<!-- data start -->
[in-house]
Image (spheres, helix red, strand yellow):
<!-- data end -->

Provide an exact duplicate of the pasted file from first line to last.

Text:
[in-house]
Image (spheres, helix red, strand yellow):